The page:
Jun
    26

    Fuggle Container Hops

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    Fuggle container hops reached almost 15 feet tall.  

    Fuggle hops as a container hop plant

    Fuggle Hops

    This is my first Fuggle variety and my first container hop.  (I lost a Mt. Hood container hop plant to 50 MPH winds)  I have it in a 20 inch diameter, 16 inch deep pot.  It appears to support vertical growth, we will see if it has enough volume to fill out and support abundant hop cones aka strobiles.  I wanted to connect the pulley to the underside on my roof (18 feet) but my ladder was only 14 feet and I am afraid of heights.  I was on the third rung of the ladder from the top and hanging on for dear life.  So the best I could do was 15 feet into the corner trim.

    Maybe next year I will get a taller ladder and go to the roof.  I really want to see what the best height is for hops production.  I am guessing it is at least 18 feet tall as that is what many commercial growers use.  I have also read that some varieties produce more hop cones or strobiles if you keep the bines under 15 feet.  Unfortunately, they didn’t mention which varieties.

    I used a mixture of top soil, compost and composted manure.  I am hoping this will supply the nutrition needed for one years growth.  I mulched the top of the soil with grass clippings to retain moisture and keep the soil from baking.  The soil may get some additional nutrition as the grass clippings break down.  These are first year hops and are doing well.   The wooden trellis next to the hops is my cucumbers.  They are not doing nearly as good as the hops.

    Living in Minnesota, I will have to protect the crown / root stock from our down to 30 below temps in the winter.  I do not have an insulated garage or root cellar so I will have to insulate the container with leaves or bags of leaves.  I will have to do some more research and see if I will be able to keep this plant in the same container or have to move it to a larger container or put it in the ground.  I would think that because hop root stocks can grow to fifteen feet, that it would become root bound.  I have heard of others that had their container hops roots come out the bottom of the container and into the ground.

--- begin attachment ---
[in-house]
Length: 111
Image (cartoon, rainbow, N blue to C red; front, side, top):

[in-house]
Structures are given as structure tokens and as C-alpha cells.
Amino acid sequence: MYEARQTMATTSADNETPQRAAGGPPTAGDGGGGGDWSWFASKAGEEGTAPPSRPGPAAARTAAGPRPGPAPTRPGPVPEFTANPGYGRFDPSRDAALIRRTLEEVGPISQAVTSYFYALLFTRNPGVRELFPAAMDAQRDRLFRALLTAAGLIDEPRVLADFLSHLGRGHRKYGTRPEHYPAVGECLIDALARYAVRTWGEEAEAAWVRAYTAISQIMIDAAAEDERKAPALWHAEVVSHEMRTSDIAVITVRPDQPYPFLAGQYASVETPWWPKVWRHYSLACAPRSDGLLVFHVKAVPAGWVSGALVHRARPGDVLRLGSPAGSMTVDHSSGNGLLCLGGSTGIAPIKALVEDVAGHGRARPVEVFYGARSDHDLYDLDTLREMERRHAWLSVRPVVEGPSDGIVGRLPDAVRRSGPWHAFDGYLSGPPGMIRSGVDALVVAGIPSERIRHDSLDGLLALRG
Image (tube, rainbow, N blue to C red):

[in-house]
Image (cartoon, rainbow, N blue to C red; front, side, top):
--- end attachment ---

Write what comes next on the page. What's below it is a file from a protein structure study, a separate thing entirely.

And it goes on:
Hop burrs are starting to form on the hop bines.

    Hop Burrs On the Bines

    Not certain if the spiney hop burrs will show in this pic on the post.  They are pretty small and I will post a close up of the burrs when they are more abundant.  I also wanted to show the lateral growth since the last post.  These 3 are second year hops and should produce quite nicely.  What I have read is they peak during the 3rd year so I am looking forward to next year to see how much better they will do.

    The Cascades actually wrapped across the 2 ropes between them (used for lowering and raising the bines) and the Magnum hops and are intermingling a little.  I will have to be sure to separate them during harvest.  They are filling out quite nicely and I am expecting a lot more hop cones than last years 4 pounds.

    That’s where things stand today – June 26, 2010.  Hop on!

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    Categories : Growing Hops

    Comments

    1. […] great info on planting hops in a container from both of these links: Brew Your Own Magazine Article Growing Hops in a container blog post The big problem though is the limited vertical space. Hops want to grow straight up a piece of […]

    2. nathan says:

      Check out midwest supplies. Some basic knowledge on hops there and right now they have rhisomes for sale (4-16-11). They say to provide them with roughly double the phosphorous and potasium as the nitrogen. And that the mineral boron can be helpful. But most importantly of course is the drainage.

    3. Bob,